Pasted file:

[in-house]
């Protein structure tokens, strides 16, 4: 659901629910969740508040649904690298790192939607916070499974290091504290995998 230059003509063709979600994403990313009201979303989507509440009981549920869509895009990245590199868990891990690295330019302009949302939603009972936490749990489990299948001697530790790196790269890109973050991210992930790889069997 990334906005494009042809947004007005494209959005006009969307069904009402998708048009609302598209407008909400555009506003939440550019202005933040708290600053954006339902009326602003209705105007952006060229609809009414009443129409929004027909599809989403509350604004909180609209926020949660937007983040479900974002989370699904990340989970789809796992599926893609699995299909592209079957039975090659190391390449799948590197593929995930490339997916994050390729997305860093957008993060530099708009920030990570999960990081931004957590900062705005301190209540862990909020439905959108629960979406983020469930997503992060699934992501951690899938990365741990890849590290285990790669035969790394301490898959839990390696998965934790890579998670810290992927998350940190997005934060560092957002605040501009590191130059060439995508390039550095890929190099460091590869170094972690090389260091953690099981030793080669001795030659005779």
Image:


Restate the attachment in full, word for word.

[in-house]
């Protein structure tokens, strides 16, 4: 659901629910969740508040649904690298790192939607916070499974290091504290995998 230059003509063709979600994403990313009201979303989507509440009981549920869509895009990245590199868990891990690295330019302009949302939603009972936490749990489990299948001697530790790196790269890109973050991210992930790889069997 990334906005494009042809947004007005494209959005006009969307069904009402998708048009609302598209407008909400555009506003939440550019202005933040708290600053954006339902009326602003209705105007952006060229609809009414009443129409929004027909599809989403509350604004909180609209926020949660937007983040479900974002989370699904990340989970789809796992599926893609699995299909592209079957039975090659190391390449799948590197593929995930490339997916994050390729997305860093957008993060530099708009920030990570999960990081931004957590900062705005301190209540862990909020439905959108629960979406983020469930997503992060699934992501951690899938990365741990890849590290285990790669035969790394301490898959839990390696998965934790890579998670810290992927998350940190997005934060560092957002605040501009590191130059060439995508390039550095890929190099460091590869170094972690090389260091953690099981030793080669001795030659005779």
Image: